[ exact phrase in "" • results by date ]

[ Google-powered • results by relevance ]


News Home

Subscribe to RSS feed

Add NWW headlines to your site (click here)

Sign up for daily updates

Keep Wind Watch online and independent!

Donate $10

Donate $5

Selected Documents

All Documents

Research Links


Press Releases


Publications & Products

Photos & Graphics


Allied Groups

East Bay parks board takes stand on Altamont wind turbines  

Credit:  By Autumn Johnson (Patch Staff) | Livermore Patch | April 27, 2015 | patch.com ~~

Information submitted by East Bay Regional Park District:

The East Bay Regional Park District board voted unanimously Tuesday, April 21 to urge county officials to support safer, more efficient and more bird-friendly wind turbines in the Altamont Pass area.

The board’s resolution calls on the Alameda County Board of Supervisors to reconsider its support of Altamont Winds, Inc., which owns 828 older-generation windmills that kill thousands of birds and bats annually.

“I hope we’re providing the county supervisors with enough information to take a second look at this and say no,” said Park District Board Member Ayn Wieskamp, whose district includes the Altamont area east of Livermore. “Wind power is not going away, but we can take steps to protect the raptors and other species that have been so harmed by these turbines.”

Park District board members are urging the county to pressure Altamont Winds, Inc., to replace its older windmills with newer windmills, which are more efficient and kill far fewer birds and bats. Newer-model turbines – which are larger but have fewer blades – kill up to 70 percent fewer birds than older turbines, according to several studies.

The County Supervisors on March 24 granted an appeal by Altamont Winds to extend its lease three years. The vote overturned a decision by the East County Board of Zoning Adjustments to deny the lease extension.

The Park District, Audubon, U.S. Fish and Wildlife Service and other groups opposed the lease extension, saying the county should have required Altamont Winds to replace its older turbines. The County Supervisors are expected to revisit the issue May 5.

Park District Board Member John Sutter said protecting wildlife is a priority for the District.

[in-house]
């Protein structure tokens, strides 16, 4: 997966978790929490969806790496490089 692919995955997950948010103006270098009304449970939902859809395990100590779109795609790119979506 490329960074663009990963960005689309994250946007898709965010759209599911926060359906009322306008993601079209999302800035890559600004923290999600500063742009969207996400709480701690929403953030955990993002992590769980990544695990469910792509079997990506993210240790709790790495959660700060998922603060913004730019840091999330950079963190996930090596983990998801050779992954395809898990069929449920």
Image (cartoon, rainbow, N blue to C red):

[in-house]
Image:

“This is a basic decision,” he said. “Do we pay attention to what the science tells us? Do we look at the facts? I say we should.”

Altamont Pass is home to some of the oldest, and most plentiful, wind turbines in North America. The area is also a favorite spot for raptors, who roost in large numbers at nearby Brushy Peak, Morgan Territory, Ohlone and other regional parks, and feast on the plethora of ground squirrels and jack rabbits in the area.

While no wind turbine is completely safe for birds and bats, newer models have shown dramatically lower kill rates because they’re more efficient and therefore fewer are needed, they’re spread farther apart, and the blades tend to be higher off the ground. Placing windmills away from flight paths can also reduce bird collisions.

Another benefit to the newer windmills is that they generate more energy – an important factor as Gov. Brown has said he wants 50 percent of California’s energy to originate from renewable sources.

Doug Bell, Wildlife Program Manager for the Park District, said the health of the East Bay raptor population is at stake.

“We know, at least for golden eagles, the mortality rate is unsustainable,” he said, noting that between 5,000 to 10,000 birds – including up to 2,000 raptors – die annually at Altamont Pass wind farms, according to a 2004 report by the California Energy Commission as well as numerous other studies. “What we don’t know is the long-term sustainability of other birds in the area. … The cumulative effect of wind turbines in other parts of California, the West, and beyond is a serious concern.’”

Source:  By Autumn Johnson (Patch Staff) | Livermore Patch | April 27, 2015 | patch.com

This article is the work of the source indicated. Any opinions expressed in it are not necessarily those of National Wind Watch.

The copyright of this article resides with the author or publisher indicated. As part of its noncommercial effort to present the environmental, social, scientific, and economic issues of large-scale wind power development to a global audience seeking such information, National Wind Watch endeavors to observe “fair use” as provided for in section 107 of U.S. Copyright Law and similar “fair dealing” provisions of the copyright laws of other nations. Send requests to excerpt, general inquiries, and comments via e-mail.

Wind Watch relies entirely
on User Funding
Donate $5 PayPal Donate


News Watch Home

Get the Facts Follow Wind Watch on Twitter

Wind Watch on Facebook


© National Wind Watch, Inc.
Use of copyrighted material adheres to Fair Use.
"Wind Watch" is a registered trademark.